Right now, Nissan is taking only its first steps toward that goal, with a feasibility study laboratory where it is experimenting with the batteries in handmade, limited-run batches. But if all goes to plan, the small-scale, secretive workshop will lead to a pilot plant launch in 2024 and to mass-scale manufacturing in 2028.
Nissan is grappling with this important new technology as a host of startups and virtually every old-school rival, from Toyota and Volkswagen to General Motors, race to find the right road to success.
A peek inside Nissan’s laboratory shows just how long and arduous the road to solid state will be.
The 1,400-square-foot workshop is a walled-off dry room housed inside an old warehouse at Nissan’s Oppama factory complex where engineers once worked on prototyping new catalysts.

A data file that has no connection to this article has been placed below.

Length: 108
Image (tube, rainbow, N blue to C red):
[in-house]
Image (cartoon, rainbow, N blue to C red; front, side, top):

There, a group of 10 workers painstakingly mix an electrolyte slurry, scooping cathode powder from a plastic cup with a long spoon, by hand. They mix it into an inky black goop, which is spread like pancake mix onto thin aluminum sheets – only two cells at time.
After drying, the sheets go through a stamping machine reminiscent of a telephone booth that compresses them with three times the pressure used for standard lithium ion cells.
Workers then cut the electrolyte sheets to an appropriate size and carefully stack them with anode sheets. Finally, they vacuum-seal four-layer sets of cells into aluminum foil pouches.
The work is fastidious and time consuming. The bulk of the processes are done through plexiglass glove boxes to maintain ultralow humidity and cleanliness. Because the rooms are so dry, technicians are required to take hydration breaks every two hours.